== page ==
For those of you who are NFL sports fans, you’ve likely noticed there are some NFL teams whose offenses produce better when they play in hurry-up mode – the way in which all teams play toward the end of the game when they’re behind and need to score rapidly. The current day Indianapolis Colts strike me as this kind of team. With Peyton Manning calling the plays from the line of scrimmage, the Colts’ players stay focused and execute in a highly-efficient manner. Read More…
Let’s contrast this to the slow, methodical, grind-it-out NFL offenses that take long periods of time and numbers of downs to get to the end zone. Sure, there are successful scoring drives that can take twelve to fifteen plays to completion; however, the more times a team has to snap the ball and run a play the more opportunities there are for issues to sneak in that stall or end the drive – a penalty, a turnover, or even one dropped pass or missed block can result in an unsuccessful drive.
From my perspective, ERP implementation and NFL offenses have a lot in common. They both require a variety of players with varying skill sets and experience levels to play their respective positions for a successful outcome. In the NFL, all of the players know their roles, and there is a sense of urgency to accomplish tasks in an expedient, highly-efficient manner, and measurable progress occurs. The same should be the case to ensure successful ERP implementations.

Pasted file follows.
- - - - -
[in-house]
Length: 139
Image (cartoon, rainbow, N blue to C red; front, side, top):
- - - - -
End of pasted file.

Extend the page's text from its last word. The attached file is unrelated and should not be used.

Players should be educated on what their roles are and how what they do fits into the overall plans for the ERP implementation. And, while I completely understand that personnel’s day-to-day responsibilities can get in the way of having sufficient time to devote to the implementation project, my recommendation is that by running the ERP implementation like a two-minute offense, key personnel will feel the sense of urgency to execute in a highly-efficient manner thus producing a successful outcome. To contrast this, if there is an expectation that a project can take as long as people want or has sufficient slack time in the project plan, there is a lack of urgency that keeps most personnel from prioritizing the time to accomplish what is necessary to produce a successful result with the implementation.